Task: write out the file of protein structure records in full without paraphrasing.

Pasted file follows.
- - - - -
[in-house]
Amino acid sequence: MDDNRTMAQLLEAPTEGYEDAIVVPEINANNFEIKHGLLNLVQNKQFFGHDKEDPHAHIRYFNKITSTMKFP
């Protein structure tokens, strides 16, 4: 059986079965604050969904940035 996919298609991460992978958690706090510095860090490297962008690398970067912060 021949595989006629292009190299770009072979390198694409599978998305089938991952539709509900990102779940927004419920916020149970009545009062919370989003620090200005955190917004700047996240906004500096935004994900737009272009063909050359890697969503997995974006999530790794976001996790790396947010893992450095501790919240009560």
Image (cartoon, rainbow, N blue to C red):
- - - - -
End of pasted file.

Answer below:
[in-house]
Amino acid sequence: MDDNRTMAQLLEAPTEGYEDAIVVPEINANNFEIKHGLLNLVQNKQFFGHDKEDPHAHIRYFNKITSTMKFP
């Protein structure tokens, strides 16, 4: 059986079965604050969904940035 996919298609991460992978958690706090510095860090490297962008690398970067912060 021949595989006629292009190299770009072979390198694409599978998305089938991952539709509900990102779940927004419920916020149970009545009062919370989003620090200005955190917004700047996240906004500096935004994900737009272009063909050359890697969503997995974006999530790794976001996790790396947010893992450095501790919240009560």
Image (cartoon, rainbow, N blue to C red):